Read the full opinion IO Group v. Veoh

Posted on August 28, 2008 in Alice, copyright, Fair Use, remix, UGC by Brian RoweComments Off

One of the things I love about being in a SFFC chapter is the cutting edge new media that other members of the group point out. This video is a great Alice in Wonderland remix with an audio track composed almost entirely of samples from the movie. Very creative and a bit addictive enjoy:

Here is one of the more insightful comments on the video from kalaresh:

This is a really good example of why copyright laws and the organic development of art are ultimately incompatible. This is what artists have always done and are supposed to do — have a conversation with the culture by transforming existing popular art into something new. What makes this original isn’t the material but the perspective on it. You can’t really own art or an idea about it any more than you can own the ocean. It’s really a shame art like this is illegal.

This comment illustrates the tension between copyright law and creativity.  I hope the writer is ultimately wrong though, fair use should protect this type of creative remix.

PS: The audio track is downloadable at Last FM (blue download link when you get there)

Posted on August 27, 2008 in muxtape, opentape, RIAA by Brian RoweComments Off

The RIAA threatened Muxtape with a lawsuit closing them down recently.  The side effects of throwing lawyers at problems are often not well understood.  The RIAA has effectively destroyed a central service that they could have worked with thus creating a distributed network of user hosted alternatives.  It looks like they merely cut off a hydras head… When will the RIAA learn that they need to work with users and inovaters not against them with legal threats.  Opentape is a free, open-source package that lets you make and host your own mixed tapes on the web.  Unlike Muxtape it does not automaticly provide easy links for users to buy content, in killing Muxtape they have made it harder for people to find new artist and purchase what they belive is good.

Opentape philosophy:

Sharing your musical tastes should be fun and easy. We believe there is no reason it has to end with the shutdown of a single site, so we’ve created a free tool to make this possible.

Check Opentape out for yourself:

Here is the first band that has used Opentape to distribute there musicFirst band using Opentape: Two Shots of Rye.   Preview their new record Hooks on Tape here (via Opentape).

Links:
Arstechnica – Opentape Invites RIAA to Play Whack a Mole Post Muxtape

Free Culture News -Opentape an Freeopen Muxtape Replacement

Posted on August 25, 2008 in copyright, Mickey Mouse, Public Domain by Brian RoweComments Off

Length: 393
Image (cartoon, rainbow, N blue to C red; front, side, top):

Until recently I was under the impression Mikey was still in copyright. There has been some scholarship that shows that the original copyright notice of Mickey Mouse with regards to Steam Boat Willie is defective and thus early versions of Mickey Mouse are in the public domain!

Even small flaws in formalities can equate to a lose of copyright under the 1909 act. Here is the basic argument from the LA Times:

Brown (a litigant against Disney) went searching for flawed formalities — and found one. It was on the title card at the beginning of a “Steamboat Willie” cartoon (pictured above) that had just been rereleased on a 1993 LaserDisc honoring Mickey’s 65th birthday. It said in full:

“Disney Cartoons

Present

A Mickey Mouse

Sound Cartoon

Steamboat Willie

A Walt Disney Comic

By Ub Iwerks

Recorded by Cinephone Powers System

Copyright MCMXXIX.”

The key was location of the word “copyright” in relation to the name “Walt Disney.” There were two other names listed in between — Cinephone and Disney’s top studio artist, Ub Iwerks. Arguably, any one of the three could have claimed ownership, thereby nullifying anyone’s claim under arcane rules of the Copyright Act of 1909.

Brown leapt on the ambiguity, asking the court to reconsider its ruling against him on grounds that Mickey Mouse was out of copyright. But he was too late. Without ruling on the merits of Brown’s arguments, the judge tossed it aside as untimely.

It was not the end. Debate over Mickey’s copyright status simply changed settings.

Arizona State University professor Dennis Karjala, a Brown acquaintance, suggested that one of his law school students look into the claim as a class project. Lauren Vanpelt took up the challenge and produced a paper agreeing with Brown. She posted her project on the Internet in 1999.

Here is Lauren Vanpelt’s Conclusion:

Disney first created Mickey Mouse on a sketch pad while traveling from New York to LA in 1928. Those sketches, which were protected under a common law copyright, were the basis for the Mickey Mouse motion pictures. They also provided the basis for the images printed on the Mickey Mouse Club materials sold to theaters. Disney published its common law protected expression without the proper copyright notice attached to the films and on the club materials. The statute of limitations to rectify that omission has long since elapsed, as has the statute of limitations for Disney to file any infringement claims based on that omission. As a result of its omissions and inaction, Disney forfeited its copyright claims to Mickey Mouse. Mickey has fallen into the public domain where all are free to copy and enjoy him.